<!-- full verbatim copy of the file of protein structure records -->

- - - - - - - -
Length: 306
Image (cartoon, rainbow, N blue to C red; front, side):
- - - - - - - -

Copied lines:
Length: 306
Image (cartoon, rainbow, N blue to C red; front, side):